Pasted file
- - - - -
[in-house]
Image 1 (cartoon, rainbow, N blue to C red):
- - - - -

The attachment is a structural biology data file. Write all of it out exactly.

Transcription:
[in-house]
Image 1 (cartoon, rainbow, N blue to C red):